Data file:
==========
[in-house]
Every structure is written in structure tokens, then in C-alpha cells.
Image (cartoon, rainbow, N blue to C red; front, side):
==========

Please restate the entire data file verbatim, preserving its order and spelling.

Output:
[in-house]
Every structure is written in structure tokens, then in C-alpha cells.
Image (cartoon, rainbow, N blue to C red; front, side):